The 2nd Respondent also filed an affidavit in reply plus an additional affidavit deponed by the Inspector General of Government in person.   The affidavit then narrates the origin of the involvement of the IGG in this dispute and the process of investigation which finally led to the findings that the Title of the Applicant was illegally/irregularly procured and recommended its cancellation.

 

For purposes of this application, it is the capacity of the IGG to investigate the complaints that is being challenged and the consequent recommendations which are being challenged as an imposition over another constitutional body with its own mandate.

 

The relevant averments would accordingly be Paragraph 3 of the affidavit wherein it is deponed that the IGG acted within the provisions of Articles 225 (1) (a), (b), (c) and (e), 226, 227 and Sections 8 (1) (a), (b), (c), (e), (h), (i) of the Inspectorate of Government Act.

 

The import of the said provisions is that the IGG is mandated to carry out the activities that include investigation of the complaints and recommending appropriate action.

 

The additional affidavit was filed without leave of court and beyond the prescribed time limits.

 

It however raises pertinent issues in that it is claimed the principles of natural justice were followed during the investigation as is required under Section 25 of the Inspectorate of Government Act.

 

Paragraphs 7, 8, 9, 10, 11 and 12 are matters that should have been left to the 1st Respondent.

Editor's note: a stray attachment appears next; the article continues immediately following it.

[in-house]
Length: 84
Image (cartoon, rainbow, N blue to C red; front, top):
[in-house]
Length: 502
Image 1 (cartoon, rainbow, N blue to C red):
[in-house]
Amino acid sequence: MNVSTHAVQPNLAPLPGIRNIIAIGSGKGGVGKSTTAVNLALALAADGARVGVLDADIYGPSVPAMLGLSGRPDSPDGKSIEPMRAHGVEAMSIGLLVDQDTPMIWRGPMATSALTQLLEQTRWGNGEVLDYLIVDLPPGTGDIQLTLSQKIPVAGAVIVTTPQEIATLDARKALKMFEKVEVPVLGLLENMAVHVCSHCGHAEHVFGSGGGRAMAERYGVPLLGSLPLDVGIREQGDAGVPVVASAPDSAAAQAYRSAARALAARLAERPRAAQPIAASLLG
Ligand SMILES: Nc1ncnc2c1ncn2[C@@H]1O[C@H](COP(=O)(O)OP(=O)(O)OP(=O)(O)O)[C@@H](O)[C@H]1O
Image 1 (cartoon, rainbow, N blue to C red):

Counsel for both parties made submissions to support the averments in the application and replies.

 

Resolution:

It is not in dispute that Judicial Review is a process through which Court supervises tribunals and public bodies or persons that execute public duties by pointing out illegalities, irregularities and procedural improprieties in the decision making process.

 

The complaints against the IGG are summarized as having no mandate at the time for not being constituted, and for having no mandate to direct another body with its own constitutional mandate to act on the IGG’s directives as both the IGG and the Commissioner for Land Registration are independent bodies.

 

Finally that the Report dealt with matters that were deep rooted in fraud that only a competent Court of Law can handle.   Reference was made to C. R. Patel Vrs. Commissioner for Land Registration & others - Civil Suit No. 87/2009 in respect of the powers of the Commissioner under the powers of the Commissioner under Section 91 as opposed to adjudication of cases before Courts of Law.  Liver Cot Impex Vrs. A.G- Misc. Cause 173/2010 was cited in respect of the IGG’s mandate vis a vis other bodies with constitutional mandate.

 

Finally Sam Kutesa & others Vrs. AG Constitutional Petition No. 46/2011 & 54/2011 were cited in respect of the composition of the IGG.